David G. Riggs surrendered to authorities Wednesday to begin serving a 60-day sentence.
The 48-year old was convicted of violating a rarely used provision of the California Public Utilities Code that is designed to protect the public from careless and reckless pilots.
Jurors found that Riggs endangered the public by making low-level passes over the Santa Monica Pier on Nov. 6, 2008, to promote a movie his company was making about a maverick squadron of Americans and Russians on a secret mission to Iran.
The 48-year old was also ordered to clean beaches for 60 days and to pay more than $6,000 in penalties and court fees.
During the stunt, Riggs flew a 1973 Aero Vodochody L-39 Albatros, a Czechoslovakian jet trainer that was popular in the Soviet bloc during the Cold War.
Video captured Riggs buzzing the pier at speeds of up to 350 mph.
The jet made several low-altitude passes over the pier and pulled up into a steep climb before hitting the popular Ferris wheel.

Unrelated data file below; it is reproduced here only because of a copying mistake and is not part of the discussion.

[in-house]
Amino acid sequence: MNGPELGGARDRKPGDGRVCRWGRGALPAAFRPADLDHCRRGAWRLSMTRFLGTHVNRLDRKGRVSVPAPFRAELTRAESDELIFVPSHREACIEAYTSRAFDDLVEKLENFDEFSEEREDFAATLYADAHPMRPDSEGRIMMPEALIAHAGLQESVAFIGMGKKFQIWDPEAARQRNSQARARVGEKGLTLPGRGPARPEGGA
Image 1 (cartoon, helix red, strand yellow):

Several 911 calls were made in response to the impromptu air show.
"I am out here by the beach, the Santa Monica Pier, and there are two military jets buzzing. I mean, they're coming in close. They're maybe 10 feet above it (the pier)," one caller said.
Another caller reported seeing a jet "flying very, very, very low to the water."
This was not Riggs first brush with the law.
Riggs has served time in Hong Kong for passport fraud, according to court documents.
He was also convicted several times in Missouri on wire theft and federal fraud charges, according to the documents.
Investors in his film ventures also are pursuing civil cases against him.